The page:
An oil refinery is seen during operations. (Photographer: SeongJoon Cho/Bloomberg)

India Said to Woo Aramco for 50% OPaL Sale as Kuwait Talks Stall

(Bloomberg) -- India’s newest petrochemicals maker is seeking to sell half its $4.6 billion facility to Saudi Arabian Oil Co., according to people with knowledge of the matter.

Formal talks between ONGC Petro additions Ltd. and the world’s biggest oil exporter, known as Saudi Aramco, will start soon, said the people, who asked not to be named as the information isn’t public. OPaL’s earlier talks with a unit of Kuwait Petroleum Corp. about investing in the project stalled last year, the people said.

India Said to Woo Aramco for 50% OPaL Sale as Kuwait Talks Stall

A spokesman for OPaL was unable to comment. Saudi Aramco and Kuwait Petroleum didn’t immediately respond to requests for comment.

The investment could help Saudi Aramco strengthen its hand in the world’s largest oil consuming region as it prepares for what may be the biggest-ever initial public offering. India’s per capita consumption of polymer products, which is about a third of the global average, is expected to expand as a growing middle class, increasing income levels and higher urbanization drive growth, Prime Minister Narendra Modi said last month while inaugurating OPaL’s plant.

“India’s petrochemical business is booming and Aramco will definitely want to be a part of this growth,” said Vaibhav Chowdhry, an analyst at KR Choksey Shares & Securities Pvt. The country’s petrochemical market is expected to grow as fast as 12 percent annually for next several years, he said.

Oil & Natural Gas Corp., which owns the biggest stake in OPaL, entered into a preliminary cooperation agreement in January 2014 with Petrochemical Industries Co., a subsidiary of state-owned Kuwait Petroleum. Talks between OPaL and PIC about the Kuwaiti company investing in the Indian project stalled last year, according to the people. OPaL hosted a team from Saudi Aramco at its plant in the western state of Gujarat last month, they said.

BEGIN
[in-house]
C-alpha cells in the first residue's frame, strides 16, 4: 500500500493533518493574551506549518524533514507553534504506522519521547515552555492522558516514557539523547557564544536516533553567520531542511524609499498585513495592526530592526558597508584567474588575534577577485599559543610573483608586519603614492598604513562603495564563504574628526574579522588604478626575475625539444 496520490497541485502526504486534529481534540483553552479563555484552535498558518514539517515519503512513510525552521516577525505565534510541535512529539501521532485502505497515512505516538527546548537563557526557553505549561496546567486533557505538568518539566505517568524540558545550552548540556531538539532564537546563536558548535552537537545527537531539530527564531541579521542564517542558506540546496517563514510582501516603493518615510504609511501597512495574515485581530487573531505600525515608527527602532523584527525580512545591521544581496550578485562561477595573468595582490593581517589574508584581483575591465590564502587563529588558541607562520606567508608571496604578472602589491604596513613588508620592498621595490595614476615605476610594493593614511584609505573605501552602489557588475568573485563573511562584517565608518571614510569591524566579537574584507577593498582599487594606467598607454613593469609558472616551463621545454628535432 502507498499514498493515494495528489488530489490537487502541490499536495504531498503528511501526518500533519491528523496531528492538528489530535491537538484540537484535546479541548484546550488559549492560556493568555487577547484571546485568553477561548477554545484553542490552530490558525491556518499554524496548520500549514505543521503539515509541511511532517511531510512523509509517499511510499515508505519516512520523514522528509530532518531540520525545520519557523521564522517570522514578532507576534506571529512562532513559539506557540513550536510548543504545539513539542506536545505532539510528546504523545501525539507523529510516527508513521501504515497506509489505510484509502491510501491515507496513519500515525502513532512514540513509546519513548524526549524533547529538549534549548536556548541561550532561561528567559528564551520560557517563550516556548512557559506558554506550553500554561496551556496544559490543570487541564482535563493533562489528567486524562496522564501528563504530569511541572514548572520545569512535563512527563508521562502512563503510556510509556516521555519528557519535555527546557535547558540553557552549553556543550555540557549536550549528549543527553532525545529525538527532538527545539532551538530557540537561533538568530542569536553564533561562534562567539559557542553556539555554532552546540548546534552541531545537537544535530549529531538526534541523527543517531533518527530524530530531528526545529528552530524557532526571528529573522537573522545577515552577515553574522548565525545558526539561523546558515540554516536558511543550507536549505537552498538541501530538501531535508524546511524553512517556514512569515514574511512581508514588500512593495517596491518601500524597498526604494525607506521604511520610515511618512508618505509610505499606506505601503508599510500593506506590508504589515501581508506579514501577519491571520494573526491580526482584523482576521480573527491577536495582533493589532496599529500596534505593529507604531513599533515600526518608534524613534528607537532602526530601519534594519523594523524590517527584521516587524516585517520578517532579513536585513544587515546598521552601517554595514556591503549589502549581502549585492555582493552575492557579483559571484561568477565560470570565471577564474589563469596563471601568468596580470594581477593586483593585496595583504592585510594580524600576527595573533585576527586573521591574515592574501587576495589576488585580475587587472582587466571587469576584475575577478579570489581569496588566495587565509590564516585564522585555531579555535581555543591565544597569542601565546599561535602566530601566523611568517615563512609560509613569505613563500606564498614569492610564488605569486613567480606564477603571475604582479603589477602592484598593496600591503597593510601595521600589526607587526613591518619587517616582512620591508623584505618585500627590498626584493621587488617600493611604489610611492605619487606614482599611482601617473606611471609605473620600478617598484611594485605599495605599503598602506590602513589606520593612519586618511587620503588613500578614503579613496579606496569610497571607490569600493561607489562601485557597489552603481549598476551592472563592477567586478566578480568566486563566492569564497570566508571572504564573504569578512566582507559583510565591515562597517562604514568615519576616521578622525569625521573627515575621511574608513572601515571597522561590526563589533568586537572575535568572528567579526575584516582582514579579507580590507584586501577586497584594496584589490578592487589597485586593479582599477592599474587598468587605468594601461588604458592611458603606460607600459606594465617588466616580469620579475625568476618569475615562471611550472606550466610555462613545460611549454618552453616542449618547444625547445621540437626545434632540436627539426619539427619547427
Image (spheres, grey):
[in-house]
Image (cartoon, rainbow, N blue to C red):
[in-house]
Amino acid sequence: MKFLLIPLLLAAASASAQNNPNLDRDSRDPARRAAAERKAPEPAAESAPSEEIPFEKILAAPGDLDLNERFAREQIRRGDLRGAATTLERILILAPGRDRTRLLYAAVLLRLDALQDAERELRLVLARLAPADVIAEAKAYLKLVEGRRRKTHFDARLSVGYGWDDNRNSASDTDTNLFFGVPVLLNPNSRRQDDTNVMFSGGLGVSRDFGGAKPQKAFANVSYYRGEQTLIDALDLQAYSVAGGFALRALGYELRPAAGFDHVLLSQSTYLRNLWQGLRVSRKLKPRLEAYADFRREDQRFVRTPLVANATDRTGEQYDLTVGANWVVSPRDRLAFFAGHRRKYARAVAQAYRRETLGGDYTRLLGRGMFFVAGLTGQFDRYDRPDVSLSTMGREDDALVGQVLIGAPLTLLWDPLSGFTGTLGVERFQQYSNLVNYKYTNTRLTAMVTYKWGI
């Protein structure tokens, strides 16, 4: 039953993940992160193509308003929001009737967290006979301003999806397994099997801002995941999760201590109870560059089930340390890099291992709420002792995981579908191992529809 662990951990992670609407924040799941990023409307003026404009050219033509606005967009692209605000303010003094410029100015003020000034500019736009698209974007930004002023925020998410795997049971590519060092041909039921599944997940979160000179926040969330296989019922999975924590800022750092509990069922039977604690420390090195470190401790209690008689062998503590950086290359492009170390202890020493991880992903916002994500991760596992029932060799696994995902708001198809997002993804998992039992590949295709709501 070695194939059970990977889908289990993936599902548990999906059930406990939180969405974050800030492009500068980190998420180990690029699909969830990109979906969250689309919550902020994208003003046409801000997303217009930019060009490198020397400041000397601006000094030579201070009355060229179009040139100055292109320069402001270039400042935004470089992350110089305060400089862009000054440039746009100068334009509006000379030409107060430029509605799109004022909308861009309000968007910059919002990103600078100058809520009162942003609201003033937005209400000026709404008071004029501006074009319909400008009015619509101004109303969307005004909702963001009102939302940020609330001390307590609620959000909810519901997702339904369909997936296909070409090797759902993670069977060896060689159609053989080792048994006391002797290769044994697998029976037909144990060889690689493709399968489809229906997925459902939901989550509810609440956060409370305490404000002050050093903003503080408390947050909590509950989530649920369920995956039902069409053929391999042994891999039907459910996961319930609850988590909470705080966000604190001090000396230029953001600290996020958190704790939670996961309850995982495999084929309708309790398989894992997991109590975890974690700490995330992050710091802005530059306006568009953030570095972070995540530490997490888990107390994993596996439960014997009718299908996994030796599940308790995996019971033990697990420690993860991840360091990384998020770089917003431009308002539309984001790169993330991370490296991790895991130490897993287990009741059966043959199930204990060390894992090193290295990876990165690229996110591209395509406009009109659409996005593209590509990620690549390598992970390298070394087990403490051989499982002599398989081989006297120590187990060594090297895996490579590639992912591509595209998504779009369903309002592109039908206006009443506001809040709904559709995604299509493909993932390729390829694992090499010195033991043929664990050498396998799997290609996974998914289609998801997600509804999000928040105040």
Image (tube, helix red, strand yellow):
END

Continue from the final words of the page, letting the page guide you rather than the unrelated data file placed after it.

Rising Income

Higher demand for these products prompted billionaire Mukesh Ambani’s Reliance Industries Ltd. and the nation’s biggest refiner Indian Oil Corp. to expand their petrochemicals businesses. Reliance invested about $19 billion to double the capacity of its petrochemicals unit, while Indian Oil will spend $4.6 billion to add new facilities and expand existing units.

Saudi Aramco, which is the biggest supplier of crude oil to India, has shown interest in a proposed 60 million tons-a-year refinery and petrochemicals project being planned by Indian state refiners on the nation’s west coast, India’s Oil Minister Dharmendra Pradhan said on March 30.

The Saudi oil major has already invested in integrated refining, chemicals, marketing and distribution companies in the region. Last month, it bought half of a Malaysian oil refinery and petrochemical plant and signed a deal to provide up to 70 percent of its crude requirements. Separately, the Saudi oil giant signed a $6 billion oil refinery deal with Indonesia’s PT Pertamina.

Dahej Plant

OPaL’s 300 billion-rupee petrochemical project is a dual-feed cracker with a capacity to produce 1.1 million tons a year of ethylene and 400,000 tons of propylene, according to its website. The plant, located at the Dahej Special Economic Zone, started production last year and aims to capture 13 percent of India’s polymer sector by next year, according to its website.

While investment in OPaL will allow Aramco to access India’s growing market, the Indian company will be able to use the Saudi company’s export channels to push products in the international market, two of the people said. ONGC has said it intends to hold 26 percent, with state utility GAIL India Ltd. owning 15.5 percent, after half of OPaL is sold.